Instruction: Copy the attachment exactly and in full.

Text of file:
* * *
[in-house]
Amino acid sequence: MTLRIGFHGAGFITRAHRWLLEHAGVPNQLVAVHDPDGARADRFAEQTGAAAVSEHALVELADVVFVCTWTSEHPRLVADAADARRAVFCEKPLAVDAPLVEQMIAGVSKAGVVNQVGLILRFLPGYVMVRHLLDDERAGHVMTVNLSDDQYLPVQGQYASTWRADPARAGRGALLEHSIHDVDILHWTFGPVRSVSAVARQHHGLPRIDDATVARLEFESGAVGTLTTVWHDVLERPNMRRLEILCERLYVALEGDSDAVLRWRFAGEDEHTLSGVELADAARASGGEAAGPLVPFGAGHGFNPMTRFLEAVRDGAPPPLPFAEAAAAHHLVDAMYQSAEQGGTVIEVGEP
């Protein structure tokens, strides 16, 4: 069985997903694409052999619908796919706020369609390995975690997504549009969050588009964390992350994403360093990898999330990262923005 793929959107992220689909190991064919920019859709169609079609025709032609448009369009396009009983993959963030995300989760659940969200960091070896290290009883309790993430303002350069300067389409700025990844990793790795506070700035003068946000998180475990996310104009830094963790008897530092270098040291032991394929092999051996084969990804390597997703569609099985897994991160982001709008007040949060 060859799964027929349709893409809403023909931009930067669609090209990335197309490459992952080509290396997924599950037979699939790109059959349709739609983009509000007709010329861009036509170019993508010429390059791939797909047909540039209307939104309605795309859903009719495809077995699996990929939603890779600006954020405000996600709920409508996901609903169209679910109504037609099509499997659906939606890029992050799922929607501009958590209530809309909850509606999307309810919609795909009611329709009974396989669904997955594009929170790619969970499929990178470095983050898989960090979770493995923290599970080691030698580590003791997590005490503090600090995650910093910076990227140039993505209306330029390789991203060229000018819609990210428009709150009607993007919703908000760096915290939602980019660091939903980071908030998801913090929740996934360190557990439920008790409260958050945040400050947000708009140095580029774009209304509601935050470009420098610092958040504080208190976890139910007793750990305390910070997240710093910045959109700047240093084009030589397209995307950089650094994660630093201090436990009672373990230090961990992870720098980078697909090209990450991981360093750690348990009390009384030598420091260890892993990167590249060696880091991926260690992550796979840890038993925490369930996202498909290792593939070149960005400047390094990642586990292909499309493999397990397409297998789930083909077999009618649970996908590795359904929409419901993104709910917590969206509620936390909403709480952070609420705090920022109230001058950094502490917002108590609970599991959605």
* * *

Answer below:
[in-house]
Amino acid sequence: MTLRIGFHGAGFITRAHRWLLEHAGVPNQLVAVHDPDGARADRFAEQTGAAAVSEHALVELADVVFVCTWTSEHPRLVADAADARRAVFCEKPLAVDAPLVEQMIAGVSKAGVVNQVGLILRFLPGYVMVRHLLDDERAGHVMTVNLSDDQYLPVQGQYASTWRADPARAGRGALLEHSIHDVDILHWTFGPVRSVSAVARQHHGLPRIDDATVARLEFESGAVGTLTTVWHDVLERPNMRRLEILCERLYVALEGDSDAVLRWRFAGEDEHTLSGVELADAARASGGEAAGPLVPFGAGHGFNPMTRFLEAVRDGAPPPLPFAEAAAAHHLVDAMYQSAEQGGTVIEVGEP
């Protein structure tokens, strides 16, 4: 069985997903694409052999619908796919706020369609390995975690997504549009969050588009964390992350994403360093990898999330990262923005 793929959107992220689909190991064919920019859709169609079609025709032609448009369009396009009983993959963030995300989760659940969200960091070896290290009883309790993430303002350069300067389409700025990844990793790795506070700035003068946000998180475990996310104009830094963790008897530092270098040291032991394929092999051996084969990804390597997703569609099985897994991160982001709008007040949060 060859799964027929349709893409809403023909931009930067669609090209990335197309490459992952080509290396997924599950037979699939790109059959349709739609983009509000007709010329861009036509170019993508010429390059791939797909047909540039209307939104309605795309859903009719495809077995699996990929939603890779600006954020405000996600709920409508996901609903169209679910109504037609099509499997659906939606890029992050799922929607501009958590209530809309909850509606999307309810919609795909009611329709009974396989669904997955594009929170790619969970499929990178470095983050898989960090979770493995923290599970080691030698580590003791997590005490503090600090995650910093910076990227140039993505209306330029390789991203060229000018819609990210428009709150009607993007919703908000760096915290939602980019660091939903980071908030998801913090929740996934360190557990439920008790409260958050945040400050947000708009140095580029774009209304509601935050470009420098610092958040504080208190976890139910007793750990305390910070997240710093910045959109700047240093084009030589397209995307950089650094994660630093201090436990009672373990230090961990992870720098980078697909090209990450991981360093750690348990009390009384030598420091260890892993990167590249060696880091991926260690992550796979840890038993925490369930996202498909290792593939070149960005400047390094990642586990292909499309493999397990397409297998789930083909077999009618649970996908590795359904929409419901993104709910917590969206509620936390909403709480952070609420705090920022109230001058950094502490917002108590609970599991959605």